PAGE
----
Gauri Nanda is co-founder of Toymail, a Carroll Gardens company that makes toys with a built-in messaging system so parents can communicate with kids without a computer or phone. She previously lived in Boston, where she launched her first company, Clocky. The Boston start-up community is closely tied to that city’s universities, but in Brooklyn “there aren’t institutions or giant corporations that dominate,” says Nanda. “The culture is really in its nascent stages, so there is an opportunity to be a part of that, and the tech community is small and very supportive, and doesn’t feel competitive.”
The only downside to Toymail — an ingenious little system that lets you send voice messages to your kids that are received and played by an adorable anthropomorphizing mailbox — is that it's so cute it might make everyone using it puke.
Tip Pee Toe Folding Toddler Step Stool: Created by Erin Chancler, the Tip Pee Toe is the perfect solution for public toilets and sinks, travel, and potty training.
The ezpz Happy Mat: Created by Lindsey Laurain, this placemat and plate in one suctions to the table, capturing kids' messes and eliminating tipped bowls or plates.
Toymail Mailmen: Created by Audry Hill and Gauri Nanda, Toymail is the only kid-friendly WIFI toy messenger. Use the free Toymail app anywhere in the world to message your children via Mailmen toys & your child can reply back.
Carseat Sidekick: Created by Stacy and Adam Teague, The Carseat Sidekick attaches to any infant car seat and holds the straps out of the way while parents place baby in or take baby out of the car seat.
Toymail, a voicemail box disguised as a toy animal, lets parents and children exchange messages without making live calls. Perfect for the perpetually traveling parent who doesn't want to give their young child a cellphone. Simply connect the toy mailbox, which comes in six different animal shapes to the Wi-Fi network. Download the app and presto: Now you can call the mailbox through the app and leave a message. The mailbox will snort or wheeze to let kids know they have a message, and they can reply.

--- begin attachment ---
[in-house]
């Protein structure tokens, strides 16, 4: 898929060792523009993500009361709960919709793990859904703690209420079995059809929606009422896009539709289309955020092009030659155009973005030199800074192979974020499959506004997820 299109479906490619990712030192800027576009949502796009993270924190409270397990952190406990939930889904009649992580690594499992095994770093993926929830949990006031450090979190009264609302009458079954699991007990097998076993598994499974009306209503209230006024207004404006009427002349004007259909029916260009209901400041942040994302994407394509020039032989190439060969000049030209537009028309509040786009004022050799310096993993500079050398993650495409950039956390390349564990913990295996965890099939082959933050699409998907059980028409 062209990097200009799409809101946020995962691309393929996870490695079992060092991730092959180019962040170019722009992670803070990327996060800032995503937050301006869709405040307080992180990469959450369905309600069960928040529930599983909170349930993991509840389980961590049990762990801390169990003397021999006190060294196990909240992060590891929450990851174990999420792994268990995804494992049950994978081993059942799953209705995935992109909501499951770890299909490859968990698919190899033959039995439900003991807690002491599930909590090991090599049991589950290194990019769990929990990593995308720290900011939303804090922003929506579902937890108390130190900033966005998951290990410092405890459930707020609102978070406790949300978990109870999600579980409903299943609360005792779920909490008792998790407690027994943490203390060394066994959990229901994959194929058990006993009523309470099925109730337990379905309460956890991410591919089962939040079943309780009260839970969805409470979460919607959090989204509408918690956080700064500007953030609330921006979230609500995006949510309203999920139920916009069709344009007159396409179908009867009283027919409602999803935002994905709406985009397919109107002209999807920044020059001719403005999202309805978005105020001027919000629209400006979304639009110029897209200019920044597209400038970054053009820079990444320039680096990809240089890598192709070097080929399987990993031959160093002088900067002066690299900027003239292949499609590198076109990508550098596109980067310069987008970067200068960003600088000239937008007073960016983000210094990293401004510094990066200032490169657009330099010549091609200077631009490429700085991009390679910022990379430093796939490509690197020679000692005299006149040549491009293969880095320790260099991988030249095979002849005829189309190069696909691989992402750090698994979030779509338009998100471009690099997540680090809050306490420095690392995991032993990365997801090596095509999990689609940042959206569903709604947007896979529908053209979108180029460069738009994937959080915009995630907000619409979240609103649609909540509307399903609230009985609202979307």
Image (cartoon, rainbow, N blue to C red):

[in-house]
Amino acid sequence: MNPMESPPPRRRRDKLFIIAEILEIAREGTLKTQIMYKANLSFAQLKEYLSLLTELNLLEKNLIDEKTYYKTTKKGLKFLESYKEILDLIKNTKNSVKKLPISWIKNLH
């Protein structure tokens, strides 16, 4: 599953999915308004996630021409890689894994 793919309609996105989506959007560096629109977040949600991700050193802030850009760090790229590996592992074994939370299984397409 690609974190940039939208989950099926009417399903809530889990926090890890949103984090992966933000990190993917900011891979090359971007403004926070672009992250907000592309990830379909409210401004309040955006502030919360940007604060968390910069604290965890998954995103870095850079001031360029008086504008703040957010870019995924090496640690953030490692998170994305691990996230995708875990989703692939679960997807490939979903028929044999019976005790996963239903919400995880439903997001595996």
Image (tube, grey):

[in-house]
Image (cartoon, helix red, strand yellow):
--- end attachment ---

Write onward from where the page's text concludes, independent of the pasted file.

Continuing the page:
Many toddlers may be too young to use smartphones and laptops, but they still like to stay in contact with family members. Toymail, a start-up with operations in Michigan and Brooklyn, gives them an opportunity to stay connected with Mailmen, a line of whimsical smart toys that work like Wi-Fi walkie-talkies. Voice messages are sent through the Toymail app, which is available for iOS and Android devices. When a Mailman receives a message, it snorts and growls and plays the message in a funny voice. Children can reply with the press of a button. Busy parents can subscribe to a daily greeting, which includes jokes and fun facts, delivered every morning.
Ok, I confess: This one is partly for your kids and partly for you, the parents. The Toymail Mailmen ($59) are super cute, super durable characters your kids can play with all day long, but they have a secret. These quirky toys are actually Wi-Fi walkie talkies that you can use to check in with your youngsters wherever in the house — or world — they might be. The adult can use an app on their smartphone, and kids get the message through the toy right away. It's a pretty sweet way to keep in touch and the kids can even reply right from the toy itself.
But what if your 5-year-old’s toy doesn’t just say “I’ve got a tough assignment for you” (as my GI Joe did), but speaks your own words—yes, you, dear parent—even when you’re gone for a week on a business trip to China.
That’s the idea behind Toymail, billed as a “WiFi walkie talkie.” Initially funded on Kickstarter, the website for creative projects, Toymail now consists of several animals, known as Mailmen, in the shape of mailboxes and costing $60 each.